WRITTEN BY CHRISTINE SUTTON
It was the place of special memories, but would it also be where her gran’s prediction came true?
Entering the abbey, Milly glanced up at the archway of lichen-covered bricks. One day the perilously unsupported structure must surely bow to the inevitable and fall, just as the vast, vaulted roof and several walls had done. For the moment, though, all seemed fine.
Adjusting her earbuds, she switched on her phone. The sound of monks’ chants filled her head, bringing a sense of calm and peace. If she closed her eyes she could almost imagine herself to be walking in the midst of the brown-robed brethren. When a crow cawed close by, she looked up, eyes narrowed. “Thank you, bird.”
The crow bobbed its head, as if acknowledging the rebuke.
Milly’s love of monastic music was inherited from her grandmother Susan, a talented chorister and active member of her local church.
“Even non-believers can find solace in places like this,” Gran had whispered, as they’d stood, arms linked, gazing up at the magnificent stained glass window of Notre Dame. It was April 2019 and the trip was Gran’s 18th birthday gift to Milly before she started uni. In a weekend of eclectic self-indulgence, they’d visited the Louvre, sampled sinfully delicious pastries from a patisserie, dined at the Moulin Rouge, and spent a convivial evening wine tasting in the cobbled jardin of a vineyard.
They’d finished their trip with an amble through the artists’ quarter, Montmartre. Here, to Milly’s astonishment, Gran had revealed she’d met her first love, Nathaniel, fifty years before. “He laughingly told me his name meant Gift of God and to the seventeen-year-old me, caught up in the romance of the city of love, that’s exactly what he was. I was staying with my French pen-pal, Pascale. She was seeing a boy, too, and was happy to let me go my own way once we left the house. Nathaniel took me to cafes and galleries and to see the Eiffel Tower by moonlight. It was magical.”
“Oh, I can imagine,” Milly had sighed.
Gran had patted her hand. “Don’t you worry, my lovely, there’s a special person waiting just around the corner to be your first love – maybe even your forever one. He’ll find you, never fret.”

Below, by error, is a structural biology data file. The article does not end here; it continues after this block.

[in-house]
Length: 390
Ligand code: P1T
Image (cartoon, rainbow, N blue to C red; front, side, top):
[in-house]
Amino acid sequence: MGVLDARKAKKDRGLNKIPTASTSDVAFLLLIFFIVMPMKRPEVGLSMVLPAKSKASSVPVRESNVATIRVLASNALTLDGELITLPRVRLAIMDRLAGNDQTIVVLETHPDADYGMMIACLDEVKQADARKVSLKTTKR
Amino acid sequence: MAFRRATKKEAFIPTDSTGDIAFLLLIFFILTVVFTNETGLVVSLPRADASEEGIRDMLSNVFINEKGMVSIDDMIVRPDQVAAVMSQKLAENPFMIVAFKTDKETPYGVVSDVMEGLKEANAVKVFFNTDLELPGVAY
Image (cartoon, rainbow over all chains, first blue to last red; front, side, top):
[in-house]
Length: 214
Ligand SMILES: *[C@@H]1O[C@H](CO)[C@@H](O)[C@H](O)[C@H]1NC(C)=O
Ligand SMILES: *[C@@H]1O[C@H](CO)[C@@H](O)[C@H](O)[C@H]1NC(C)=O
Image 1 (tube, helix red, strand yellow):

Arriving home next day, they’d watched in tears the coverage of the devastating fire that had ripped through the majestic cathedral they’d visited just days before.
Four years on, Notre Dame would soon be welcoming visitors once more, but Milly had yet to experience the longed-for, heart-stopping feeling of her first real romance.
Not that there hadn’t been boys around those promised corners. In Brussels she’d spent time with Dieter, a fellow student on her archaeology course. Later, on her first dig in Edinburgh, there’d been affable Angus, a giant ox of a man more likely to dislocate her shoulder with a playful thump than a show of affection. Much as she’d enjoyed their company, neither had set her pulse racing. How many more corners, she wondered, before the magic happened?
Milly came to a halt before the high altar, reduced now to a pile of mossy stones. Lost in thought, she gave a start when a shape shot past her, a blur of black and white. It was followed moments later by a much bigger blur. She caught a glimpse of faded jeans and t-shirt streaked with dirt before the figure pounded away.
“Sorry,” a voice yelled back. “Little perisher’s got my dibber!”
Thinking that wasn’t a phrase you heard every day, Milly watched the man chase after the little dog – for that, she could now see, was what the first blur had been. From the back the man looked strong and fit, running with easy strides, shoulder muscles straining his t-shirt.
A moment later they disappeared beneath the perilous archway.
Shouldering her bag, she walked through the doorway they’d just emerged from and into the garden beyond.
Once, this quadrangle of tufty grass would have been edged with cultivated flowers, the air heady with the fragrance of roses and gardenia. Now wildflowers held sway and the borders were a riot of ragwort, thistles and mallow. Tucked away behind the far wall, a herb garden would have provided ingredients for the apothecary’s remedies, plants like borage, meadowsweet, peppermint and thyme.
Milly slipped off her shoes and was strolling barefoot through the grass when, through the far gate, came the running man, walking now and holding the panting Jack Russell in his arms.
“Got it,” he called, waving a pointy stick. “He’s really got a thing for this, thinks it’s a toy.”
“I assume, that is your dibber?”
“Got it in one.”
He waved again, then stepped through another gate into the old herb garden. Milly frowned. What was he doing, going in there? Well-meaning amateurs could do untold damage in historic sites. Curious, she hurried after him.
She found him kneeling before a freshly dug bed, pushing the dibber into the soil.
“What’re you doing?” she asked, her voice sounding sharper than she’d intended. The man sat back on his heels.
“Planting mustard seeds. Why?”
“Do you have permission?”
His brow briefly furrowed. “I’m restoring the gardens – or trying to, when Barney here lets me.” He ruffled the dog’s fur. “It’s part of a two-year programme of renovation. Not just here but in several areas of the abbey.”
Milly coloured. The team leader had told her there would be other authorised groups working here but she’d been so wrapped up in the importance of their own project it had barely registered.